Feast and Famine: Food and Nutrition in Ireland, 1500-1920

Feast and Famine: Food and Nutrition in Ireland, 1500-1920

Feast and Famine: Food and Nutrition in Ireland, 1500-1920

Feast and Famine: Food and Nutrition in Ireland, 1500-1920


'Besides being an able and reliable account of Irish diet over half a millennium, Feast and Famine is also an excellent introduction to much of the new research in Irish economic history over the past two decades.' -The Agricultural History Review'Illuminating and innovative study... The authors handle sources cautiously and convincingly. Even when at their most technical they write lightly and attractively... They have set a rich but finely prepared dish before us. Its many novelties and subtleties will take time to digest. It satisfies while whetting the appetite for more.' -English Historical Review'The style is felicitous, the exposition clear and issues disposed of only after a conscientious discussion of the difficulties... The book is an effective opening up of dietary issues, and it ably and at times innovatively explores and presents detail, and brings a novel and refreshing competence in nutritional knowledge to historical study.' -Irish Studies ReviewThis innovative title traces the history of food in Ireland from the sixteenth to the early twentieth century. The authors explore the evolution of Irish diets over the centuries, in the process putting the role of the potato and the history of the famines into their proper perspectives.


We have spent nearly two decades writing this book. This pace is not in step with the emphasis on speed that is currently the research culture in universities in the United Kingdom. Our leisurely progress is partly explained by one of the authors becoming caught up in the oxymoronic world of university management. There is something quaintly quixotic in urging one’s colleagues to make haste, whilst at the same time proceeding on a time scale that is scarcely less than geological. a second reason is that both authors have had other teaching and research commitments.

There has been one great benefit from our slow progression. the last three decades have been most fruitful ones in Irish historical studies. Professional historians in the universities and other institutions of higher learning, and dedicated local and amateur historians, have greatly enlarged our understanding of Ireland’s past. the ‘Troubles’ have been a powerful stimulus to research, as was the commemoration of the 150th anniversary of the Great Famine. Most of all, though, the burgeoning has being owing to the industry of the scholars of Ireland. We have drawn freely and profitably on their work. It would fill too much space to acknowledge them all by name and invidious to identify only some. We hope the bibliography will reveal the extent of our debts. We apologize to any who recognize their arguments whom we have failed to acknowledge.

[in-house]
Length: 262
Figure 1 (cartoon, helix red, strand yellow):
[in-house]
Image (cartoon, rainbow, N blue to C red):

There is one scholar whom we must identify. the late K. H. Connell, professor and first head of the Department of Economic and Social History in the Queen’s University of Belfast, was one of the few truly seminal historians of Ireland in the second half of the twentieth century. He reconfigured population history, in Britain as well as in Ireland. and he pioneered the study of dietary history on this island. We have not always agreed with him, but we have continually been stimulated by him.

We are indebted to our University. Queen’s has paid our salaries and has given us several research and travel grants to support our work. Some of this money enabled us to employ Dr Myrtle Hill and Mrs Marianne Litvack as research assistants at various times. Just as important, the University has remained faithful to its true principles as a place of learning, embracing the humanities as well as the sciences, liberal studies as well as the vocational. At a departmental level, successive heads of department—Cyril Ehrlich, Kenneth Brown, Alun Davies, and the late David Johnson—have been patient about a book that they must have thought at times existed only in our imaginations. We are grateful to Professor Brown for finding the time to comment on the manuscript.

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